What are some of the characteristics of Laurie in "Charles"?

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In "Charles ," we can describe Laurie as being very keen to assert his independence. This is shown clearly in the first paragraph when his mother says that he "renounced" (gave up) his corduroys in favor of jeans and a belt. In other words, Laurie is eager to make...

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In "Charles," we can describe Laurie as being very keen to assert his independence. This is shown clearly in the first paragraph when his mother says that he "renounced" (gave up) his corduroys in favor of jeans and a belt. In other words, Laurie is eager to make the transition from a toddler, always at home with his mother, to an independent kindergartener.

Secondly, Laurie is very mischievous. We see this through his antics at school; he's "fresh," he hits the teacher, and he refuses to do exercises in class. Although Laurie blames Charles for this mischief, it is also made clear from his behavior at home, particularly the way he talks to his father, that Laurie is prone to bouts of bad behavior.

Finally, Laurie is deceitful and has no problem telling lies. Instead of confessing to his bad behavior, Laurie claims that it is all the work of Charles, another child in his class. Note that Laurie never tells his parents the truth. It is only through a meeting with his teacher that Laurie's mother learns the truth: Charles doesn't really exist.

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Laurie essentially is an undisciplined, disrespectful, deceitful, conniving, but clever and very intelligent child.

From the exposition of the story, it becomes apparent that Laurie is undisciplined and willful as he "renounced" his baby overalls and is now a "swaggered character" who no longer waves good-bye to his mother. When he returns home the first day he slam[s] the door open and shouts with a "raucous" voice, "Isn't anybody here?"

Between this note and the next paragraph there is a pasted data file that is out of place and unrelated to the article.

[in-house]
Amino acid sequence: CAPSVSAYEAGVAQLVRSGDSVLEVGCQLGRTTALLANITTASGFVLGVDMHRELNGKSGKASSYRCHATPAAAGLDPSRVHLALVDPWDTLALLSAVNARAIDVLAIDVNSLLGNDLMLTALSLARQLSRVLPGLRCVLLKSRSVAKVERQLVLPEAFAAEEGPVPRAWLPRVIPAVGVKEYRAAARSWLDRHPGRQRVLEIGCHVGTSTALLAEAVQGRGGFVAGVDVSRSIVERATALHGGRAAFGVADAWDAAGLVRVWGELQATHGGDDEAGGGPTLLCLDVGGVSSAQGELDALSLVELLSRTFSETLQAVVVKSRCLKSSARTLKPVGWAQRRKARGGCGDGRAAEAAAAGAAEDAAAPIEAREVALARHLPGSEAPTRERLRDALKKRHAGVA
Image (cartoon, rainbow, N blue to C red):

Yet, the parents are surprised to learn of a boy named Charles who is purportedly "fresh" when he speaks to his teacher, and then even strikes her. (Laurie smiles as he relates this.) One day when Laurie recounts that Charles has let the seesaw hit the head of a little girl, the mother naively asks her husband, "Do you think kindergarten is too unsettling for Laurie?" In another instance of irony, Laurie returns from school late, "yelling" all the way as he comes up the hill toward his mother that

"Charles yelled so in school they sent a boy from another class to tell the teacher to make him be quiet, and so Charles had to stay after school."

Laurie finally becomes so willful at home that his mother states,

Laurie did a Charles when he filled his wagon full of mud and pulled it through the kitchen....

And, yet, Laurie's parents are still deceived about their child. Even after he tells them that Charles prompted a girl to say an offensive word in school, and then says the same word at home himself some days later, the parents do not make the connection.  Indeed, there is no question that Laurie is far more clever and creative than his gullible parents who must be told by Laurie's teacher that there is no Charles.

 

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Shirley Jackson's use of descriptive language offers readers a vivid view of the character Laurie in the short story "Charles." The following descriptors offer insight into the character of the narrator's son.

Swaggering- Seems to define Laurie as a little older than he really is. Readers may picture a boy with a chimp on his shoulder by this description.

His "voice suddenly become raucous." Here, readers can picture a boy running into the house, unconcerned with anything which is going on. Therefore, this shows his self-centered aura of the typical kindergartner.

At lunch he spoke insolently to his father, spilled his baby sister’s milk, and remarked that his teacher said we were not to take the name of the Lord in vain.

If readers are to infer, the previous passage states that Laurie was the one who took the Lord's name in vain given she uses the pronoun "we." Also, the spilling of his sister's milk and speaking rudely to his father show is lack of concern for others.

“He sure did,” Laurie said. “Look up,” he said to his father.

“What?” his father said, looking up.

“Look down,” Laurie said. “Look at my thumb. Gee, you’re dumb.” He began to laugh insanely.

In the dialogue above, one can infer that Laurie is disrespectful of his parents. A child should not call a parent dumb. While seemingly harmless, when put together with all of the other indirect characterizations, Laurie is far from the "sweet-voiced nursery-school tot" he used to be.

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